(2) Now equation (1) suggests that we must find a line, the square on which is equal to twice the square on the given line ; and equation (2) suggests that the required part x will be found by taking a line equal in length to twice the given line, and then adding or subtracting the length of the line suggested by equation (1).

We know that the square on the diagonal of a square is equal to twice the given square; therefore we get the following solution :A P B

C

Q
Let AB be the given straight line ;
on AB describe the square ADEB, and join DB.

Produce AB to C making AC = 2AB.
Then add to or subtract from AC a part equal to DB,

and we get two segments of AB, viz. AP and AQ
E

such that AP2 = 2PB?, and AQ? = 2BQ?.

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The algebraical solution will not do more than suggest that some line must be found whose length bears a certain ratio to the length of the given line. In the case given, the length of line required is given by the diagonal of the square described on the given line. In other cases other well-known figures will often give the required lengths; but it must depend on the ingenuity of the student to make the right selection.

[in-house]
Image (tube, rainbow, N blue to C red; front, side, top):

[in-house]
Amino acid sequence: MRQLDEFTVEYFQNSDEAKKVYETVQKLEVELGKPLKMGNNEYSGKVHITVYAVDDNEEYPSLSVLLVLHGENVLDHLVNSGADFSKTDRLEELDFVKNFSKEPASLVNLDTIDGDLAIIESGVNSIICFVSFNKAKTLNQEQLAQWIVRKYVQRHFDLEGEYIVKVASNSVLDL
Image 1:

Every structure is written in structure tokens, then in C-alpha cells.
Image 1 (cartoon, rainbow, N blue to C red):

EXERCISES ON GEOMETRICAL PROBLEMS.

(To be solved algebraically and geometrically.)

1. Construct a rectangle equal to a given rectangle in area, but having one of its sides three times the length of one of the sides of the given rectangle.

2. Construct a rectangle having given its area and perimeter.

3. Divide a given straight line into two parts so that the sum of the squares on them may be equal to a given square.

4. Divide a given straight line AB at C, so that the rectangle contained by BC and a given line may be equal to the square on AC.

5. Divide a given straight line into two parts so that the rectangle contained by the two parts may be equal to the rectangle contained by the sum and difference of the parts.

6. Divide a given straight line both externally and internally into two parts so that the square on one part may be equal to three times the square on the other part.

7. Divide a given straight line both externally and internally so that twice the square on one part may be equal to three times the square on the other part.

8. Divide a straight line into two parts so that the rectangle contained by the two parts may be a maximum.

9. Divide a given straight line both externally and internally into two parts so that the square on one part may be equal to twice the rectangle contained by the whole line and the other part.